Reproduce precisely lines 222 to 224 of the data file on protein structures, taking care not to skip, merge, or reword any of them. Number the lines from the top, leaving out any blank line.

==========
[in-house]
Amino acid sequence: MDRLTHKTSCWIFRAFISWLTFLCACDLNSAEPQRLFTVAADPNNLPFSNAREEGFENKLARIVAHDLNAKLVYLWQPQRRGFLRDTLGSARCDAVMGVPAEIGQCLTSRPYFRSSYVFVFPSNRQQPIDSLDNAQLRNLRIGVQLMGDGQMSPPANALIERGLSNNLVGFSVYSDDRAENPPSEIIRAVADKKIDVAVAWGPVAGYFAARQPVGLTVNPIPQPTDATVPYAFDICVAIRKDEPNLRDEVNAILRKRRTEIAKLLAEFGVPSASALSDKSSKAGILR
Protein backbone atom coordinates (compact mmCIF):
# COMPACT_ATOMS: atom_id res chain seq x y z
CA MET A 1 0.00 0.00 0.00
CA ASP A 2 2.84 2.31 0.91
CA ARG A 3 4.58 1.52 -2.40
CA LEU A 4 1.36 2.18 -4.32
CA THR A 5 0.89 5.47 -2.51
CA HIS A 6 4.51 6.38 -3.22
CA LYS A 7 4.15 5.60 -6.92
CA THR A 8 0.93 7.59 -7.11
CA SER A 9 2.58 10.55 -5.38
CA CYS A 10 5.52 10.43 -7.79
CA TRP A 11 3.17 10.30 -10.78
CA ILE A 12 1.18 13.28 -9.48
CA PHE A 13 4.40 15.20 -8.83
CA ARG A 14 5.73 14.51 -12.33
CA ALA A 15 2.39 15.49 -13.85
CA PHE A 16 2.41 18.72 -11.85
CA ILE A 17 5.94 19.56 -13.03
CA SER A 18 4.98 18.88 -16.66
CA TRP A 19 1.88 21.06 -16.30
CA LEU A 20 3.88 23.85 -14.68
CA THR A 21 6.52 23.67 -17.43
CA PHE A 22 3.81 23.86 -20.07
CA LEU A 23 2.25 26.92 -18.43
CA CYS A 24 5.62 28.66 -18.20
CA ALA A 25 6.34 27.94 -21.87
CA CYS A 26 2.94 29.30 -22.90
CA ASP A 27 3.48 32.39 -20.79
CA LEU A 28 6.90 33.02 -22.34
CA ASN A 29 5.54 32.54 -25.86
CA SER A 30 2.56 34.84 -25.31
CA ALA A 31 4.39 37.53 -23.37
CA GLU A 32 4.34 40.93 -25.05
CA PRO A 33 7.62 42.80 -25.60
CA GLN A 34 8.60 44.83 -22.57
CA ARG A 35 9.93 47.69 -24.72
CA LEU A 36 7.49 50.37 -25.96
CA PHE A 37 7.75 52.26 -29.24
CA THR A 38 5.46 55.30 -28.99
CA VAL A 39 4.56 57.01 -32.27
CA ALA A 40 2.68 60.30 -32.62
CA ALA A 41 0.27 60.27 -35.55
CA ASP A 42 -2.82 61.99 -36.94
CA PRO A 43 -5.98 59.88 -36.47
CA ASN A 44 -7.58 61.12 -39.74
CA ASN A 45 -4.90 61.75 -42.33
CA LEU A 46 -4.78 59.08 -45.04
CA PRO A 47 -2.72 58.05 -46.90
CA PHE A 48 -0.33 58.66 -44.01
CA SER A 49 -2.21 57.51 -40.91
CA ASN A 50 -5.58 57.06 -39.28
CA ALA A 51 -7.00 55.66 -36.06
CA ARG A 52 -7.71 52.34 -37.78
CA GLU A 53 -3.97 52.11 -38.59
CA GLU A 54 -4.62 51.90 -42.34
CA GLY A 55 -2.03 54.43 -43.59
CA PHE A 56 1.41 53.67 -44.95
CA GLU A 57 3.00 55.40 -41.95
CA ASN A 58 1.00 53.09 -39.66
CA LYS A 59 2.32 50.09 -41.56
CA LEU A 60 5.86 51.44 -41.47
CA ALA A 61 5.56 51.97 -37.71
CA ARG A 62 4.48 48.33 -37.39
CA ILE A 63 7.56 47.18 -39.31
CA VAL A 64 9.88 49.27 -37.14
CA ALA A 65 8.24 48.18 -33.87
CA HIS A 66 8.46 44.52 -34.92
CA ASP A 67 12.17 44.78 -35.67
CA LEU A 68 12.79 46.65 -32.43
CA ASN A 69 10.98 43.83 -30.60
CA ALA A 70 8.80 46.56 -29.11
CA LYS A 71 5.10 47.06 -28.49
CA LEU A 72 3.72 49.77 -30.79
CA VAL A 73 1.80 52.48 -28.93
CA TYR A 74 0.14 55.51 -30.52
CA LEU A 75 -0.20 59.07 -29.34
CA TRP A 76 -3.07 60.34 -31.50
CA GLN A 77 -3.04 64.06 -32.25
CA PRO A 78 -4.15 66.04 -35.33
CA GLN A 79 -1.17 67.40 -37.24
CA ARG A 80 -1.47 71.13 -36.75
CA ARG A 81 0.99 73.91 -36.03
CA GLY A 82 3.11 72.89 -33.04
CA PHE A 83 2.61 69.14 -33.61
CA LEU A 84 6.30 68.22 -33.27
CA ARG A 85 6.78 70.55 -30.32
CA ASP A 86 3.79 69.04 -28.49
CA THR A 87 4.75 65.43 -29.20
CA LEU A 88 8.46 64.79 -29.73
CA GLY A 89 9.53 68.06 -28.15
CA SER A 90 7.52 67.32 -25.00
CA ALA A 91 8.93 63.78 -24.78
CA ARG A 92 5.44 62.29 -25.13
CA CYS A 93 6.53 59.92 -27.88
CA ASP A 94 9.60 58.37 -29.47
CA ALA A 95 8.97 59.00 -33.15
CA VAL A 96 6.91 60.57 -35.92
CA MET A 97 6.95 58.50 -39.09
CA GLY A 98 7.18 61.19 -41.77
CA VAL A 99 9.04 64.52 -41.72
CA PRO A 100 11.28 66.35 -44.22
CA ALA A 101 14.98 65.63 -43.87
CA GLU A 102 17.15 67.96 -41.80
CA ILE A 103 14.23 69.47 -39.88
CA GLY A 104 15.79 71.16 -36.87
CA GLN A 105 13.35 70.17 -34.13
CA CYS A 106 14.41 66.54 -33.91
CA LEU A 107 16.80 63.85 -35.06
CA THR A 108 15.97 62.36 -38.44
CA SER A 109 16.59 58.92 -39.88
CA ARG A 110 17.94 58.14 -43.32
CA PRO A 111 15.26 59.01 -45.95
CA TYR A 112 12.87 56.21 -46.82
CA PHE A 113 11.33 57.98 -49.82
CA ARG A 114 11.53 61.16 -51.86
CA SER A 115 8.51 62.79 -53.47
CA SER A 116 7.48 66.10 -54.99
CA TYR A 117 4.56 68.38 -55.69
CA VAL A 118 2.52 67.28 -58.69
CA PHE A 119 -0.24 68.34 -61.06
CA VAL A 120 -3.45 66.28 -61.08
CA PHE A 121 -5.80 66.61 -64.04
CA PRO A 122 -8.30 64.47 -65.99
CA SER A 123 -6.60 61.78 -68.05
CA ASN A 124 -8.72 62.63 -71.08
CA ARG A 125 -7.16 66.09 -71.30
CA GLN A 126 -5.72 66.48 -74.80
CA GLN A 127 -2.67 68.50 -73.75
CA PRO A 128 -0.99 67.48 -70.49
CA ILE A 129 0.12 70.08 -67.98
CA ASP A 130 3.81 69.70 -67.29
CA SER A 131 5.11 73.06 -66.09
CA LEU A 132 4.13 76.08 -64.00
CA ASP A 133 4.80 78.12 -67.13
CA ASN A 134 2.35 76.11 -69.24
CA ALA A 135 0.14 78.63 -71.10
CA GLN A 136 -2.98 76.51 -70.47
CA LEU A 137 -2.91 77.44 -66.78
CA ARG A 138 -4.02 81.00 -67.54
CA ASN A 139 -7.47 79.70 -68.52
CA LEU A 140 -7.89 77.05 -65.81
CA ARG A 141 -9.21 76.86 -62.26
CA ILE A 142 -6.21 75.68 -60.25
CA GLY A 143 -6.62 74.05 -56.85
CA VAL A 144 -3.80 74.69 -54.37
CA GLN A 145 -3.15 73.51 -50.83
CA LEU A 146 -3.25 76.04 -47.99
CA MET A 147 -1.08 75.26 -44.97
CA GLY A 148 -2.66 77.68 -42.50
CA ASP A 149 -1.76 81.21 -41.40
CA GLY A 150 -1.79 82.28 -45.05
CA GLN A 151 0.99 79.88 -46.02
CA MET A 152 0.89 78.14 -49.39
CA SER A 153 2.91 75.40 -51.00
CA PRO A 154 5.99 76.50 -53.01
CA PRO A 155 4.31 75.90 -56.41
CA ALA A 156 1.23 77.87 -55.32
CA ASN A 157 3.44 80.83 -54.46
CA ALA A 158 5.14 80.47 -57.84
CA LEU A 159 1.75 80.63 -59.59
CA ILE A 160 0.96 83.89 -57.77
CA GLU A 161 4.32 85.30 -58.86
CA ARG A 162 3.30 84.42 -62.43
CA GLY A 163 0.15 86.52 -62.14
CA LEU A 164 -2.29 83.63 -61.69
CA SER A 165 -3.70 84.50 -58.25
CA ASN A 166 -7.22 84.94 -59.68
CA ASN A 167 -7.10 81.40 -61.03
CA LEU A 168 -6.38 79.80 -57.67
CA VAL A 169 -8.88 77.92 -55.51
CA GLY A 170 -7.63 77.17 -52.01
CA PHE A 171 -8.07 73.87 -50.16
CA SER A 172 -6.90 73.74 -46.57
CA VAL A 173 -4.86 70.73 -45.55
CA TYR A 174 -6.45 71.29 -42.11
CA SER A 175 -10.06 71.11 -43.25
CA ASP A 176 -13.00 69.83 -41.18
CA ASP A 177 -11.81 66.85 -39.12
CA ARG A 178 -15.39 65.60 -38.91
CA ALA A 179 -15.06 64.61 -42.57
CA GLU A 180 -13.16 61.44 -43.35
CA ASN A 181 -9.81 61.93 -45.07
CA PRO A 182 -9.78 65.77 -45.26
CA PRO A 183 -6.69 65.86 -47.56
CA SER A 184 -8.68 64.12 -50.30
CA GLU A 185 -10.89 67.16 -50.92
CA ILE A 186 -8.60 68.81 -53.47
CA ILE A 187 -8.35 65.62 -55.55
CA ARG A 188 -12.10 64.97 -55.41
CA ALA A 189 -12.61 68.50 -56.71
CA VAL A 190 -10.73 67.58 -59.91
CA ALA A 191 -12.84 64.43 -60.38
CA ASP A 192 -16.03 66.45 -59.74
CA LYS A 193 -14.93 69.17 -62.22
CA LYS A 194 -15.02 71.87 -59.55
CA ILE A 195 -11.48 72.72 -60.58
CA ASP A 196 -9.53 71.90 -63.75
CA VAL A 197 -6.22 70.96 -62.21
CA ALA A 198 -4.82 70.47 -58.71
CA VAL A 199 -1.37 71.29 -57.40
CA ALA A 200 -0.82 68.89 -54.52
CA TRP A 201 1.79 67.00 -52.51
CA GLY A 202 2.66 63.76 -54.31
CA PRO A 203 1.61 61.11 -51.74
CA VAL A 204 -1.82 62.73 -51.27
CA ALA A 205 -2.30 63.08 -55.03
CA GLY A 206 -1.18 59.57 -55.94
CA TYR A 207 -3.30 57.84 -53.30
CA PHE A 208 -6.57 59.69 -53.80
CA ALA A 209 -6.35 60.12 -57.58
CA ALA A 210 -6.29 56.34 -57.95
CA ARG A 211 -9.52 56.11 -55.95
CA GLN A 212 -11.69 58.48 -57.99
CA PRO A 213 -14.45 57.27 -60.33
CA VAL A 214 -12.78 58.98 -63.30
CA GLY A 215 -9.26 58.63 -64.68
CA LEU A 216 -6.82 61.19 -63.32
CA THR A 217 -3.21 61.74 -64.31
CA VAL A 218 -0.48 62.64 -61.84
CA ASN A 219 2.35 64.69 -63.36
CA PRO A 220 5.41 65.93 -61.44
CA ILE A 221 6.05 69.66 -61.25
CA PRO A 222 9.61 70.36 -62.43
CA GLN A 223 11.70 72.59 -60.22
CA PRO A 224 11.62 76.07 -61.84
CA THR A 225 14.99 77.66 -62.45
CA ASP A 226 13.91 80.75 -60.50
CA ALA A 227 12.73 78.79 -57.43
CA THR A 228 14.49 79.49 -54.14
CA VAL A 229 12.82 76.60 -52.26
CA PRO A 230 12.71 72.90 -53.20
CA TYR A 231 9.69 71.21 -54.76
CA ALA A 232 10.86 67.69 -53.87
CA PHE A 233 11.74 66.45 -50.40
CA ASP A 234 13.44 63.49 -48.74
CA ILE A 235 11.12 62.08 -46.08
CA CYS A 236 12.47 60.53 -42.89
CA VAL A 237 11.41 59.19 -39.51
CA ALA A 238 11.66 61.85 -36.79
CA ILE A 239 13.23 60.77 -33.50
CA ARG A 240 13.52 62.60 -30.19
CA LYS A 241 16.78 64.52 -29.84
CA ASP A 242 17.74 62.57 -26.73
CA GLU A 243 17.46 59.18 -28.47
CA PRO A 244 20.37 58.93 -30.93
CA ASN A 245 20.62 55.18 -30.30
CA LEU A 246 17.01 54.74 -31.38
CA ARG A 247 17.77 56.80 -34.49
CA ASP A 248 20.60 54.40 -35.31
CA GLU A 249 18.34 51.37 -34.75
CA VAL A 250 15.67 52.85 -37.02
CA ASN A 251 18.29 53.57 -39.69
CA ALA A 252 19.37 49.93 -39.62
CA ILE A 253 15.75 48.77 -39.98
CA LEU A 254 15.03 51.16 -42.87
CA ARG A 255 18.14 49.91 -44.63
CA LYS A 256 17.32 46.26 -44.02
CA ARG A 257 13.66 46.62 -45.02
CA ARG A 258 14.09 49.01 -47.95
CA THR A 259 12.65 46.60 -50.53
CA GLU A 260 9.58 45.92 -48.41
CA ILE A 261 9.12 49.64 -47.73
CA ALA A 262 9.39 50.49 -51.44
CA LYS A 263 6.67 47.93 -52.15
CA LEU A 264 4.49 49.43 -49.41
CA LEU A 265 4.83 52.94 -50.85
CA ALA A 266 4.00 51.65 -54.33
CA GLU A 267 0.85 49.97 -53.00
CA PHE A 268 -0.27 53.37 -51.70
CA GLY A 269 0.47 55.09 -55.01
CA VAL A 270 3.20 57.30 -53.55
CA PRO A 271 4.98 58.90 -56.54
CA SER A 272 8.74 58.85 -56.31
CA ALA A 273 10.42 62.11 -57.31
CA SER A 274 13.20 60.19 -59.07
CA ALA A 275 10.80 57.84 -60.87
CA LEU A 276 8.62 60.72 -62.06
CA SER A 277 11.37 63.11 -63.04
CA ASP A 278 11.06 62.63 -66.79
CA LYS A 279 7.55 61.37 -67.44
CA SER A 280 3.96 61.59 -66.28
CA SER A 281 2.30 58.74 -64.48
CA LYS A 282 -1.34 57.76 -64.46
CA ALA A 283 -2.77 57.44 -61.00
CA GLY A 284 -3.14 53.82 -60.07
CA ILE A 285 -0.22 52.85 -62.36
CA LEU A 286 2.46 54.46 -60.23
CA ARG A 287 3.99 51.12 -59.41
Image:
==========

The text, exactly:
CA VAL A 218 -0.48 62.64 -61.84
CA ASN A 219 2.35 64.69 -63.36
CA PRO A 220 5.41 65.93 -61.44